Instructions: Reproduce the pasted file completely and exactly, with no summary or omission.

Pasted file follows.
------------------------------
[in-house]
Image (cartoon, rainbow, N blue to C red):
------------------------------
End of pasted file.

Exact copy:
[in-house]
Image (cartoon, rainbow, N blue to C red):